- August 13, 2018
As a follow up to the prior alert on the 2019 proposed Physician Fee Schedule and Quality Payment Program from CMS, attention should be given to the significant changes in reimbursement for remote patient management and store and forward telehealth. Comments to the proposed rules as noted in the prior Health Alert are due by September 10, 2018 with a final ruling expected in November.August 9, 2018No End in Sight: USTR Announces Implementation of Section 301 Tariffs on Additional $16B of Chinese Products; China Fires Back Immediately
The United States Trade Representative (USTR) announced on August 8th that the U.S. would begin imposing 25% tariffs on a second tranche of Chinese products valued at approximately $16B on August 23rd. Tariffs on a first list of products valued at approximately $34B as a result of the USTR’s Section 301 investigation took effect July 6th.August 2, 2018Proposed Section 301 Tariffs On Additional $200B Goods Imported From China Increased From 10% to 25%; Deadline For Comments Extended
In a surprising and possibly unprecedented action, U.S. Trade Representative (USTR) Robert Lighthizer announced late Wednesday, August 1st that the President directed him to consider an increase in the proposed Section 301 tariff originally announced on July 10th from 10% to 25%.August 1, 2018
On July 27, 2018, the Centers for Medicare & Medicaid (CMS), published a Proposed Rule regarding significant modifications to Medicare payment policies under the Physician Fee Schedule (PFS) for Part B services rendered in CY 2019.July 19, 2018
Over the past year, there has been a major increase in the number of businesses seeking insurance coverage for losses they incurred as a result of “fraudulent instruction” scams. A fraudulent instruction scam is where a criminal hacker collects data from the victim’s computer that allows the hacker to send plausible-looking requests to transfer funds to bogus accounts.July 11, 2018No One Is Blinking Yet: Trump Administration Responds to China’s Retaliatory Tariffs by Releasing New $200B List of Chinese Exports That Could Be Subject to Section 301 Tariffs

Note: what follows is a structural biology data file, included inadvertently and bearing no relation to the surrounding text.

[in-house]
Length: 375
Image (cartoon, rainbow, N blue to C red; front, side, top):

Robert Lighthizer, the U.S. Trade Representative, yesterday announced a new list of Chinese products, worth approximately $200 billion, that will be reviewed for an additional 10% tariff under the USTR’s ongoing Section 301 investigation.July 9, 2018U.S. Trade Representative Announces New Process for Product Exclusions from New Section 301 Tariffs on Chinese Imports
In prior client alerts, we discussed the imposition of tariffs on various products from China of 25%, based on a finding by the President of violations of section 301 of the Trade Act of 1974 by China related to U.S. intellectual property rights.
The final list of 818 tariff items subject to the 25% tariffs recently imposed by President Trump on products imported from China was released on June 15, 2018, covering some $34 billion in products. The President imposed the tariffs under Section 301 of the Trade Act of 1974 that took effect July 6, 2018. The administration previously indicated that a product exclusion process would be announced, presumably similar to the one the Department of Commerce has put in place or the steel and aluminum tariffs issued under section 232 of the Trade Expansion Act of 1962 earlier this year. The section 232 process which was administered by the Commerce Department has been roundly criticized for being burdensome and complex – after 3 months, only 100 or so of the over 20,000 applications have been fully processed, and almost half of that number were denied.July 2, 2018
The Centers for Medicare & Medicaid Services (“CMS”) has issued a request for information seeking input from the public on how to address any undue regulatory impact and burden of the physician self-referral law (the “Stark Law”).